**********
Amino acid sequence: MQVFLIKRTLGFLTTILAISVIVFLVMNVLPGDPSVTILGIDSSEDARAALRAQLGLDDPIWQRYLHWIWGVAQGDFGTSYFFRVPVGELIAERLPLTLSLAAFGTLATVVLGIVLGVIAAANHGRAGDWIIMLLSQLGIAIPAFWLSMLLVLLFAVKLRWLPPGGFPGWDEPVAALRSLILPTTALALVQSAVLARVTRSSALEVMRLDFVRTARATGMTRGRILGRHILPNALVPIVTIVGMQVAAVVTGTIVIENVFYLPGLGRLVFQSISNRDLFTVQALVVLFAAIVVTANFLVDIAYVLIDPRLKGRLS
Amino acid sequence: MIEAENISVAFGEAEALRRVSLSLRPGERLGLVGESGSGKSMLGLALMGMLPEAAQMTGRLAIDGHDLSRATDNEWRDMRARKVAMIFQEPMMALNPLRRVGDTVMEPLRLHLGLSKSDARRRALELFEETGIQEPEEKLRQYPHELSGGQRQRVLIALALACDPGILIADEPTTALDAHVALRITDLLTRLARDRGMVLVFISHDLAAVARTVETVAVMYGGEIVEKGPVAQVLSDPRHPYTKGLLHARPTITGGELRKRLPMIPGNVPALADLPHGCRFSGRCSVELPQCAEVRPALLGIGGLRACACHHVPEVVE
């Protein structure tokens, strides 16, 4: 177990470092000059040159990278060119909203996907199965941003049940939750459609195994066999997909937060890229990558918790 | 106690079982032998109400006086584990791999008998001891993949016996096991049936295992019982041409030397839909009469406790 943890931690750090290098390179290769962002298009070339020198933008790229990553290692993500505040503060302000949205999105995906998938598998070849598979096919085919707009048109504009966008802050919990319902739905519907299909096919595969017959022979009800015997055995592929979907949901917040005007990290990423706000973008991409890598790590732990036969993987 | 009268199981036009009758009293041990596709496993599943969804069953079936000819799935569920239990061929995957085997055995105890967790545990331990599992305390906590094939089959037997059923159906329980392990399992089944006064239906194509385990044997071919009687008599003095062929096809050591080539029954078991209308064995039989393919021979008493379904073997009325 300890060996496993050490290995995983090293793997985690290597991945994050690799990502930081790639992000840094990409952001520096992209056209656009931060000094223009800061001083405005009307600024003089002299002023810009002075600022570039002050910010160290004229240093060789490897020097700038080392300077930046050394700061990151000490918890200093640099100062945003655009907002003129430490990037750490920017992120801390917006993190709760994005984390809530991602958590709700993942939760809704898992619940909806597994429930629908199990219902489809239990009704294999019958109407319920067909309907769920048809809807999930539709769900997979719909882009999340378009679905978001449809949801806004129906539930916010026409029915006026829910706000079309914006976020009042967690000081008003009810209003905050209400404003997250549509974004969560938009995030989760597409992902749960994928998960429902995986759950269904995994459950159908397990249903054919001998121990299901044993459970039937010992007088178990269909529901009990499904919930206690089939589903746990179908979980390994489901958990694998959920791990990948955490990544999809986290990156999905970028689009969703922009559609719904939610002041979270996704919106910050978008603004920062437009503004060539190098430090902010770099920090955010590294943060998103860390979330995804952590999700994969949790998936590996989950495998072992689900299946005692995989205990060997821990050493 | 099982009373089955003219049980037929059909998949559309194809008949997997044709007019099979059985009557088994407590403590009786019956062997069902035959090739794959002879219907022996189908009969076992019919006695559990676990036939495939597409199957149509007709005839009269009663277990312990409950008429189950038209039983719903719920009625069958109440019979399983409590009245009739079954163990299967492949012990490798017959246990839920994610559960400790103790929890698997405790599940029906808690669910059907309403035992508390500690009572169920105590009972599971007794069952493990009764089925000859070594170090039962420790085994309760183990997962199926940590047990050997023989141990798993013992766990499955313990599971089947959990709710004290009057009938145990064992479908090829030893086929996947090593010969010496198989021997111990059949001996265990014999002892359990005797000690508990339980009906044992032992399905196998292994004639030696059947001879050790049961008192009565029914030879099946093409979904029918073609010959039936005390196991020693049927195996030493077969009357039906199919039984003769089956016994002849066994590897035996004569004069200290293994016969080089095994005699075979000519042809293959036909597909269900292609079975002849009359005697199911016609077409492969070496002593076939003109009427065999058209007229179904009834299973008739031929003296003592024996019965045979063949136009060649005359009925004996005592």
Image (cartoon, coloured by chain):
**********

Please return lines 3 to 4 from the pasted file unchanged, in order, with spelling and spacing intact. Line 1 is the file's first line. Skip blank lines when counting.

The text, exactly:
């Protein structure tokens, strides 16, 4: 177990470092000059040159990278060119909203996907199965941003049940939750459609195994066999997909937060890229990558918790 | 106690079982032998109400006086584990791999008998001891993949016996096991049936295992019982041409030397839909009469406790 943890931690750090290098390179290769962002298009070339020198933008790229990553290692993500505040503060302000949205999105995906998938598998070849598979096919085919707009048109504009966008802050919990319902739905519907299909096919595969017959022979009800015997055995592929979907949901917040005007990290990423706000973008991409890598790590732990036969993987 | 009268199981036009009758009293041990596709496993599943969804069953079936000819799935569920239990061929995957085997055995105890967790545990331990599992305390906590094939089959037997059923159906329980392990399992089944006064239906194509385990044997071919009687008599003095062929096809050591080539029954078991209308064995039989393919021979008493379904073997009325 300890060996496993050490290995995983090293793997985690290597991945994050690799990502930081790639992000840094990409952001520096992209056209656009931060000094223009800061001083405005009307600024003089002299002023810009002075600022570039002050910010160290004229240093060789490897020097700038080392300077930046050394700061990151000490918890200093640099100062945003655009907002003129430490990037750490920017992120801390917006993190709760994005984390809530991602958590709700993942939760809704898992619940909806597994429930629908199990219902489809239990009704294999019958109407319920067909309907769920048809809807999930539709769900997979719909882009999340378009679905978001449809949801806004129906539930916010026409029915006026829910706000079309914006976020009042967690000081008003009810209003905050209400404003997250549509974004969560938009995030989760597409992902749960994928998960429902995986759950269904995994459950159908397990249903054919001998121990299901044993459970039937010992007088178990269909529901009990499904919930206690089939589903746990179908979980390994489901958990694998959920791990990948955490990544999809986290990156999905970028689009969703922009559609719904939610002041979270996704919106910050978008603004920062437009503004060539190098430090902010770099920090955010590294943060998103860390979330995804952590999700994969949790998936590996989950495998072992689900299946005692995989205990060997821990050493 | 099982009373089955003219049980037929059909998949559309194809008949997997044709007019099979059985009557088994407590403590009786019956062997069902035959090739794959002879219907022996189908009969076992019919006695559990676990036939495939597409199957149509007709005839009269009663277990312990409950008429189950038209039983719903719920009625069958109440019979399983409590009245009739079954163990299967492949012990490798017959246990839920994610559960400790103790929890698997405790599940029906808690669910059907309403035992508390500690009572169920105590009972599971007794069952493990009764089925000859070594170090039962420790085994309760183990997962199926940590047990050997023989141990798993013992766990499955313990599971089947959990709710004290009057009938145990064992479908090829030893086929996947090593010969010496198989021997111990059949001996265990014999002892359990005797000690508990339980009906044992032992399905196998292994004639030696059947001879050790049961008192009565029914030879099946093409979904029918073609010959039936005390196991020693049927195996030493077969009357039906199919039984003769089956016994002849066994590897035996004569004069200290293994016969080089095994005699075979000519042809293959036909597909269900292609079975002849009359005697199911016609077409492969070496002593076939003109009427065999058209007229179904009834299973008739031929003296003592024996019965045979063949136009060649005359009925004996005592």
Image (cartoon, coloured by chain):